Herein, we disclose an efficient method for the construction of acyclic all-carbon quaternary stereocenters via enantioselective additions of α-alkynyl branched ketones with allenamides60,61,62,63,64, which gives access to ketones bearing α-quaternary stereocenters with broad substrate scope and high enantioselectivities (Fig. 1d).


Reaction condition optimizations

Since the diverse transformations of the alkynyl groups and their weak ability to activate the α-position of carbonyl compounds due to the high s character of alkynyl groups65,66, we started our study by employing racemic α-alkynyl ketone 1a as the model substrate. Encouragingly, when the reaction between 1a and allenamide 2a was investigated under the catalysis of CPA A1 (10 mol%) in CCl4 at ambient temperature, the desired product 3a bearing an all-carbon quaternary stereocenter was exclusively generated in 61% yield with 71:29 enantiomeric ratio (er), without detecting the potential α’- or γ-regioisomers (Table 1, entry 1). Next, a series of BINOL-derived CPA catalysts were screened in this reaction (entries 2–8), which indicated that the sterically bulky CPA catalyst A7 (TRIP) to be the optimal one (70%, 95:5 er, entry 7). Furthermore, switching the chiral scaffold of TRIP from BINOL-type to H8-BINOL-type led to further improved enantioselectivity (75%, 97.5:2.5 er, entry 9). In addition, 4 Å molecular sieves (MS) was found to be effective in promoting the reaction with higher yield (95%, entry 10), probably because of the inhibition of hydrolysis of allenamide under these conditions. A range of solvents was also examined in this reaction (entries 11–14). Interestingly, generally high enantioselectivities were observed with these solvents; however, none of them could provide superior results than CCl4.

Table 1. Optimizations of the reaction conditionsa.

Substrates scope investigation

With the optimal conditions in hand, we set out to explore the scope of α-alkynyl ketones for the asymmetric construction of acyclic quaternary stereocenters (Fig. 2). A range of substituted phenyl groups (with various substituents at the para- and meta-positions) at the α-position of ketones were examined, which were well tolerated with the optimal reaction conditions (3b3h), as well as a 2-naphthyl group (3i). Moreover, switching the α-substitution from an aryl group to an alkyl group was also amenable, providing the addition product in high yield and enantioselectivity (3j). Subsequently, the scope of the alkynyl groups was also studied, which suggested that both the arylacetylene- and alkylacetylene-substituted acyclic ketones were compatible with the optimal conditions, albeit generating products with slightly diminished enantioselectivities (3k3m). Additionally, using an α-acetylene-substituted ketone as substrate under the standard conditions afforded the desired product with 92.5:7.5 er and moderate yield (3n). The absolute configuration of these addition products was assigned as (S) by analogy to the structure of 3n, which was unambiguously determined by X-ray crystallography. Finally, the variants on the other side of the ketone substrates were also investigated. Replacing the Me group with other alkyl groups (e.g., Et, n-Bu, and iPr group) was feasible, which afforded the addition products with excellent stereoselectivities, albeit in moderate yields due to their relatively low reactivities (3o3q).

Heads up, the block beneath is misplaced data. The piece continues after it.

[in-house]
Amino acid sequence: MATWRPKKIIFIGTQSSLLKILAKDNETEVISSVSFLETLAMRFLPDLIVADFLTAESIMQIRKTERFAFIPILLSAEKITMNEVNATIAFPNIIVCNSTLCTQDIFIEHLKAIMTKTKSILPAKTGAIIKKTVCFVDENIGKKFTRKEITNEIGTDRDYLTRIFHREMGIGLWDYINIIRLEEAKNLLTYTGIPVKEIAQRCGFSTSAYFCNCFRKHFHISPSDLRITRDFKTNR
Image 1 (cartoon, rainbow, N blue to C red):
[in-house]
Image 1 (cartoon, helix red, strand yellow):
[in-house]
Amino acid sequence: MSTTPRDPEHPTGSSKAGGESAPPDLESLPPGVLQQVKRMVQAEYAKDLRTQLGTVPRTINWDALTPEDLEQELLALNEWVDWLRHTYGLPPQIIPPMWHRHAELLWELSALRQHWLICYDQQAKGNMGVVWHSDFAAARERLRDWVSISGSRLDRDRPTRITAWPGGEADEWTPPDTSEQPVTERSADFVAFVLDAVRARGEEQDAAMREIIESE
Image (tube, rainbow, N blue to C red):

Fig. 2: Substrate scope of α-alkynyl ketones.
figure 2

Reactions were performed with 1 (0.2 mmol), 2a (0.22 mmol), CPA (S)-A9 (0.02 mmol), activated 4 Å MS (200 mg) in CCl4 (2 mL) at room temperature. Isolated yields. Er values were determined by HPLC analysis on a chiral stationary phase.